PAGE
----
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My Wife Steered me to a New York Times Magazine Article that stirred thoughts of Glycolysis

30 May

Figure2a.pngThe late 19th / early 20th century was an interesting time to be alive. My wife and I have recently been reading about the lives of several people living at that time including, Elanor Roosevelt, Dietrich Bonhoeffer, and most recently for me, Nils Bohr. Reading about it naturally leads to talking about it and marveling at the way that this was a time of awakening across the world. Not quite the same as the Renaissance, but more with respect to the nations of the world becoming intertwined and the actions on one side of the globe had real repercussions on the other side. Others living at that time included Mark Twain(1835-1910),  Herman Melville(1819-1891), James Joyce(1882-1941), Franz Kafka(1883 – 1924), Pyotr Tchaikovsky(1840-1893), Johannes Brahms(1833-1897), Vincent Van Gogh(1853-1890), and Auguste Rodin(1840-1917).There are many brilliant minds at all points in history, we’ve recently had scientists such as Richard Dawkins and Craig Venter; Computer makers Steve Jobs and Bill Gates; Musicians Paul McCartney, Yo-Yo Ma and Joshua Bell; and filmmaker John Lasseter, to name a few (not to forget the Kardashians and Paris Hilton).

It was a time of great artists and great scientists. Mark Twain(1835-1910),  Herman Melville(1819-1891), James Joyce(1882-1941), Franz Kafka(1883-1924), Pyotr Tchaikovsky(1840-1893), Johannes Brahms(1833-1897), Vincent Van Gogh(1853-1890), and Auguste Rodin(1840-1917) could run into one another. Mark Twain could have taken Vincent Van Gogh for beer and an earful of clever conversation that acknowledged a crazy world, but didn’t fall into despair because of it.There are many brilliant minds at all points in history, we’ve recently had scientists such as Richard Dawkins and Craig Venter; Computer makers Steve Jobs and Bill Gates; Musicians Paul McCartney, Yo-Yo Ma and Joshua Bell; and filmmaker John Lasseter, to name a few -and lest we forget, we have the Kardashians and Paris Hilton to show us that, while the unexamined life may not be worth living, one populated with innumerable selfies is just HOT!

As there have been brilliant minds at all points in history, we too live in exciting times.  We live in times with scientists such as Richard Dawkins and Craig Venter who make it their duty not to just pursue science, but to share it with the rest of us; Computer makers Steve Jobs and Bill Gates revolutionized the amount of work on person or a small team can do; Musicians Paul McCartney, Yo-Yo Ma and Joshua Bell touch us and unite us with their music; and filmmaker John Lasseter brings life to the lifeless and makes cartoons parents can enjoy just as much as their children do. A.J. Abrams brought Star Wars back from the brink and reminded us why we fell in love with the franchise back before it was a franchise. to name a few (not to forget the Kardashians and Paris Hilton).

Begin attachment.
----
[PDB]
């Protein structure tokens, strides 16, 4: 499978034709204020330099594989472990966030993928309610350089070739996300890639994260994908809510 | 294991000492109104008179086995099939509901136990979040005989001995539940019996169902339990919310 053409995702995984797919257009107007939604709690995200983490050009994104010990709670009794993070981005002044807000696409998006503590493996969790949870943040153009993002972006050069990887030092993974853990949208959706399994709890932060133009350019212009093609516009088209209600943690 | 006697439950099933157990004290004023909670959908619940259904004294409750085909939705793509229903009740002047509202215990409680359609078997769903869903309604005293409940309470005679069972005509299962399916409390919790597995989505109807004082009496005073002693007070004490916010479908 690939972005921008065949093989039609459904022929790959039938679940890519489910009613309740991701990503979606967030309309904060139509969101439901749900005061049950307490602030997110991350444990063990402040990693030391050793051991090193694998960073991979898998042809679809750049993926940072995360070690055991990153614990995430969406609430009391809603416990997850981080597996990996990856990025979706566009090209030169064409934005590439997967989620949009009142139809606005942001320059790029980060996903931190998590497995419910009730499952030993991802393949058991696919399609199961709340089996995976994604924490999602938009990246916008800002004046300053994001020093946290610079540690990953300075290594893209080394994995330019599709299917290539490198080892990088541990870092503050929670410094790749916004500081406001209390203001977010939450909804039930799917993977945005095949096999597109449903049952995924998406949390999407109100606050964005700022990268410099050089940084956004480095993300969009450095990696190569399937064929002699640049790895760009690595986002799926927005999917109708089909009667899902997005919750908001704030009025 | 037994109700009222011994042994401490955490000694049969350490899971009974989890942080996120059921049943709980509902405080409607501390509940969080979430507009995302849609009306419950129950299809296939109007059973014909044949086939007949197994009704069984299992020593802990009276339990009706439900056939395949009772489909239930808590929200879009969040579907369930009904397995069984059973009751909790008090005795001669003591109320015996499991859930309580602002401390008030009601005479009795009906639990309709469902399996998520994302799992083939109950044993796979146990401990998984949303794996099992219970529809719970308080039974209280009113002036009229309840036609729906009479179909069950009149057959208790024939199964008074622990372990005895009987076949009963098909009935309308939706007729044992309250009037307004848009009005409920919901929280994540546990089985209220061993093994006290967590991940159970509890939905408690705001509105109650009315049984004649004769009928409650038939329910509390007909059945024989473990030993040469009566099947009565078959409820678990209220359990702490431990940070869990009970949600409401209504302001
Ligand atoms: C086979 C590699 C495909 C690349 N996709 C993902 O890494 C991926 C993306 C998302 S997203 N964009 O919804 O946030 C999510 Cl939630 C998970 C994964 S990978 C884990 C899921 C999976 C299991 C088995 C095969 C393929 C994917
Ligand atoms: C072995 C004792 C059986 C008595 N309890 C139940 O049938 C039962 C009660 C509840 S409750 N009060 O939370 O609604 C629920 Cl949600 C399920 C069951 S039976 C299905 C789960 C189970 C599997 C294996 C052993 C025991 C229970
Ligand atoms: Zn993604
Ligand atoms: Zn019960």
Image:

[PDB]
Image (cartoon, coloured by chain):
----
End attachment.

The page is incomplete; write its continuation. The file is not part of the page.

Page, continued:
But, back to the article.

The  article she told me about that brought up the turn of the last century was part of an ongoing series about Cancer from the New York Times Magazine discussing the Warburg Effect, named for Otto Heinrich Warburg (1883 – 1970). Otto_Heinrich_Warburg_(cropped).jpg I knew of the effect, wherein tumor cells engage in aerobic glycolysis, primarily from the perspective of Craig Thompson’s work unravelling the link between Type II Diabetes and Cancer. That connection is based on Tumor cells’ overexpressing the glucose transporter, GLUT-4. The working model states that: given a sufficient supply of sugar and the ability to mop it up quickly via GLUT-4, the limiting factor in cell growth is not energy, but carbon.

It takes a lot of food to support rapidly growing cells (just look at teenagers). Much of that sugar goes to energy (not as readily apparent in teenagers), but a lot also goes to making the building blocks required for cellular proliferation. But to use the carbon in sugar for building rather than energy means that the sugar cannot be completely broken down to CO2 to be exhaled. Instead, cells break the sugar in half by glycolysis to make pyruvate for a net benefit of only 2ATP per glucose (as opposed to 36 possible). Then the intermediary molecules can be diverted to alternative synthesis pathways for those building blocks.

The basic reactions of Glycolysis are these:

glycolysis.png

However, the last enzyme in the pathway, Pyruvate Kinase can take two forms. The first is a tetrameric enzyme (M2-PK), which efficiently processes PEP into Pyruvate, which can either go on to be aerobically metabolized to generate more ATP or diverted to fermentation reactions.